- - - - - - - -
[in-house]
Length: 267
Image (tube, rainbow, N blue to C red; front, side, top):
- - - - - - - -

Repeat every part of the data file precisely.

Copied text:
[in-house]
Length: 267
Image (tube, rainbow, N blue to C red; front, side, top):